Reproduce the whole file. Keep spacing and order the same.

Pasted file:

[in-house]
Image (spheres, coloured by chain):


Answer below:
[in-house]
Image (spheres, coloured by chain):